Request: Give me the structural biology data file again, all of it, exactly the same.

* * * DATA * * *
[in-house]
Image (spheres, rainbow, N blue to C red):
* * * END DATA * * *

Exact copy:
[in-house]
Image (spheres, rainbow, N blue to C red):